Combustion and Flame, Vol.199, 267-278, 2019
The role of strain rate, local extinction, and hydrodynamic instability on transition between attached and lifted swirl flames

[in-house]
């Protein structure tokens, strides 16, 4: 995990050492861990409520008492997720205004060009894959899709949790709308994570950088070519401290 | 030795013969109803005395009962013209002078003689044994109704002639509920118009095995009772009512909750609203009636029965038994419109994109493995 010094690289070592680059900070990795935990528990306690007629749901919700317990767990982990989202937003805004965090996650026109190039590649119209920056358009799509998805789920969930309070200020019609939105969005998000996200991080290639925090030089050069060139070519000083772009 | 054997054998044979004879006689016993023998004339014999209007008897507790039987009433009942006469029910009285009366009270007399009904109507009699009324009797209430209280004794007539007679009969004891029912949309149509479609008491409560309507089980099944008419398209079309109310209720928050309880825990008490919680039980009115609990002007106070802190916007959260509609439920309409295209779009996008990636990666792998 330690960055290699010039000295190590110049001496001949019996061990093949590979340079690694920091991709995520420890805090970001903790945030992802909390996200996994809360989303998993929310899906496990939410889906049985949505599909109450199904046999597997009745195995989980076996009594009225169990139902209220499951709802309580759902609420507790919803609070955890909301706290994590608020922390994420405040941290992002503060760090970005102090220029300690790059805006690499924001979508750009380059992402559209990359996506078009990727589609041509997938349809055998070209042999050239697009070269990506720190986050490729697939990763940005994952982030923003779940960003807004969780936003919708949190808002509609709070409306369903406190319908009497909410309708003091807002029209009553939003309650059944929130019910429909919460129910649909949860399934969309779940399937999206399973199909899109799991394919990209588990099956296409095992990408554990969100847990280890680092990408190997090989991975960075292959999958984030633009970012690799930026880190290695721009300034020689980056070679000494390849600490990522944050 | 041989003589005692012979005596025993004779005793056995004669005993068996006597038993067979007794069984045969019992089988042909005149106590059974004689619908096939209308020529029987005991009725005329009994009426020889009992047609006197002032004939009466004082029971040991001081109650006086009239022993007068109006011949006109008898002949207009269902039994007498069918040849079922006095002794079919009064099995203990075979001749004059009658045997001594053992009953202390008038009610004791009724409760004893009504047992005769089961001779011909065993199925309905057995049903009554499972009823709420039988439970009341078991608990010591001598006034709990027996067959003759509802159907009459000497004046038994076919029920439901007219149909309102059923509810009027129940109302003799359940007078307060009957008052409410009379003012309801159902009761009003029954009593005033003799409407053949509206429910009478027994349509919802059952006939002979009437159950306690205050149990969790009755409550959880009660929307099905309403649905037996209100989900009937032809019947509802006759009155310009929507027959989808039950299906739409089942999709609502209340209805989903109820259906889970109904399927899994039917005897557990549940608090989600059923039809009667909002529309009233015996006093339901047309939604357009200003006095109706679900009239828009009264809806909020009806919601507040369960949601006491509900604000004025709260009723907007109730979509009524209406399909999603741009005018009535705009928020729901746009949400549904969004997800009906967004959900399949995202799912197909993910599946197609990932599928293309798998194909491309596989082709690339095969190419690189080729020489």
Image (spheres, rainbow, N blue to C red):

The coupling between fluid strain rate, local flame extinction, hydrodynamic instability, and flame liftoff was studied in premixed swirl flames using multi-kHz repetition-rate OH* chemiluminescence (CL), OH planar laser induced fluorescence (PLIF), and stereoscopic particle image velocimetry (S-PIV). Over 50 different combinations of fuel composition (CH4/H-2 ratio), equivalence ratio, and reactant preheat temperature were studied, allowing systematic variation of the reactant-to-product density ratio, laminar flame speed, and Lewis number. Depending on the test conditions, the flame could either be stably attached to the nozzle, stably lifted, or intermittently transitioning between attached and lifted states. Transition between stabilization states was linked with the transition between convective instability and absolute instability at the flame base; formation of an m = 1 (m denotes the azimuthal wavenumber) globally unstable wave was associated with the lifted flame, which was manifested by a helical precessing vortex core (PVC). The minimum bulk velocity at which the flame was stably lifted was linearly correlated with the laminar flame extinction strain rate, while none of the other commonly reported key parameters governing hydrodynamic instability was able to collapse the data alone. Hence, lift-off was associated with a relatively constant Damkohler number based on the bulk fluid strain rate and extinction strain rate. The roles of local strain and extinction on the transition process were further elucidated by the cases with intermittent lift-off/reattachment. The probability of the flame being in the lifted state was roughly linearly correlated with the degree of local extinction at the flame base while the flame was still in the attached state. Moreover, this probability also was linearly related to the ratio of fluid-dynamic strain rate to extinction strain rate, but not the fluid-dynamic strain rate itself. These results demonstrate the importance of predicting extinction and hydrodynamic stability for predicting the attachment state of swirl flames. (C) 2018 The Combustion Institute. Published by Elsevier Inc. All rights reserved.